Section archive - Technology & Computers
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Students in small and large communities are desperate for active and engaging Jewish learning.These experiences must accommodate 21st Century teenagers – busy, tech-savvy teens, who want to stay Jewishly engaged, if the time, activities and location, meet their needs. As traditional religious school programs are experiencing sharply decreasing participation, a paradigm shift is definitely needed to meet the challenges of the social changes of the 21st century. Jewish Journeys, a project of the Marlene Meyerson JCC Manhattan, has created an innovative model that utilizes the computer and the internet to provide a personalized Jewish educational program to meet the needs of both students and parents.
Updated: Sep. 02, 2018
Jewish Interactive is a global, cutting edge, nonprofit organization that is bringing “EdTech” to the world of Jewish Education. With offices in London, Israel, Johannesburg, and now San Diego County, Ji (Jewish Interactive), has been educating families, synagogues and schools with its leading apps, and educational content gamification platform called Ji Tap. The Ji Tap app is equipped with a free creation tool, where anyone can create games/interactive presentations/ebooks and add their knowledge creativity and expertise to the global Ji Tap platform. Jewish Education has never been so accessible and engaging!
Updated: Aug. 30, 2018
Measuring Digital Literacies: Junior High-School Students' Perceived Competencies versus Actual Performance
The widespread belief is that youth, "digital natives", who live their entire lives in media-rich digital environments and are ubiquitously connected through social networks, naturally develop digital competencies. This study investigated digital literacies among 280 junior-high-school students with the aim of comparing participants' perceived digital literacy competencies and their actual performance in relevant digital tasks. The findings showed that only a few of participants' perceived skills were related to their actual performance. Generally, participants displayed high confidence in their digital literacies and significantly over-estimated their actual competencies.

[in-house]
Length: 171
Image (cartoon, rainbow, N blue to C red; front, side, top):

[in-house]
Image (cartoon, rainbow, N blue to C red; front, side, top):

Updated: Aug. 29, 2018
Cyberbullying in WhatsApp Classmates’ Groups: Evaluation of an Intervention Program Implemented in Israeli Elementary and Middle Schools
Social networking platforms, such as WhatsApp, constitute a major part of adolescents’ social lives. Alongside the positive aspects of such platforms, there is a risk of using them as a means for cyberbullying. Schools have become increasingly aware of this risk and are prioritizing fighting cyberbullying through intervention programs, yet few interventions have been studied for their effectiveness. This study reports the results of a wide-scale school-based intervention designed to reduce cyberbullying and improve usage norms in WhatsApp classmates’ groups.
Updated: Aug. 16, 2018
Just over a year ago with the release of the William Davidson Foundation & Jim Joseph Foundation SmartMoney technology report, there was renewed interest within the Jewish community about how technology could enhance student learning. Further ideas were voiced through eJewish Philanthropy's Continuing Conversations on Leveraging Educational Technology. This article aims to enhance the conversation by suggesting a shared language and theoretical framework for moving Jewish ed tech from important yet disparate conversations to a more cohesive systematic goal focused dialogue.
Updated: Jul. 04, 2018
Career Choice Among Academically Excellent Students: Choosing Teaching Career as a Corrective Experience